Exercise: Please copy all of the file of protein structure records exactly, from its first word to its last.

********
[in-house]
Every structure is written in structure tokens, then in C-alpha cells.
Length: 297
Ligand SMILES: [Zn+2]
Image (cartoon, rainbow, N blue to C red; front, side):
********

[in-house]
Every structure is written in structure tokens, then in C-alpha cells.
Length: 297
Ligand SMILES: [Zn+2]
Image (cartoon, rainbow, N blue to C red; front, side):